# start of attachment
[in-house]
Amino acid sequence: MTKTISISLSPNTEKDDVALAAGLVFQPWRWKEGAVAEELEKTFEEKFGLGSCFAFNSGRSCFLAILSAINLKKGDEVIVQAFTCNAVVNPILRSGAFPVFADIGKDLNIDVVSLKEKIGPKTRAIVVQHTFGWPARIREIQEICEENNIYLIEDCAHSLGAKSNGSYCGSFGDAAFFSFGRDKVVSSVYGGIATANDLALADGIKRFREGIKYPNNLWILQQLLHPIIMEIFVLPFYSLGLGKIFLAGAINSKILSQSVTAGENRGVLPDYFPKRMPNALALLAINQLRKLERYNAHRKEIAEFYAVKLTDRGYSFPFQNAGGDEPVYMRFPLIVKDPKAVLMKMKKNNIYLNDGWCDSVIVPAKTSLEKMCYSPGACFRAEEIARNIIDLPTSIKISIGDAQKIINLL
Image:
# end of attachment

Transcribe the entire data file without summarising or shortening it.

[in-house]
Amino acid sequence: MTKTISISLSPNTEKDDVALAAGLVFQPWRWKEGAVAEELEKTFEEKFGLGSCFAFNSGRSCFLAILSAINLKKGDEVIVQAFTCNAVVNPILRSGAFPVFADIGKDLNIDVVSLKEKIGPKTRAIVVQHTFGWPARIREIQEICEENNIYLIEDCAHSLGAKSNGSYCGSFGDAAFFSFGRDKVVSSVYGGIATANDLALADGIKRFREGIKYPNNLWILQQLLHPIIMEIFVLPFYSLGLGKIFLAGAINSKILSQSVTAGENRGVLPDYFPKRMPNALALLAINQLRKLERYNAHRKEIAEFYAVKLTDRGYSFPFQNAGGDEPVYMRFPLIVKDPKAVLMKMKKNNIYLNDGWCDSVIVPAKTSLEKMCYSPGACFRAEEIARNIIDLPTSIKISIGDAQKIINLL
Image: